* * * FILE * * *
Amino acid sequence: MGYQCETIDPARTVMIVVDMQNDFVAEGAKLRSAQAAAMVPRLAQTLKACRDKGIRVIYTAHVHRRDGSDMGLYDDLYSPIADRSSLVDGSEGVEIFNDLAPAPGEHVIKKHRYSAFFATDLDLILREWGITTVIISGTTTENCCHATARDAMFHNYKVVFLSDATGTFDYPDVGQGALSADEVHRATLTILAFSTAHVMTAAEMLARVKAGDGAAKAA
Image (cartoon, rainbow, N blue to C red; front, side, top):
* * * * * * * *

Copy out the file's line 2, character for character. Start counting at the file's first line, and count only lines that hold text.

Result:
Image (cartoon, rainbow, N blue to C red; front, side, top):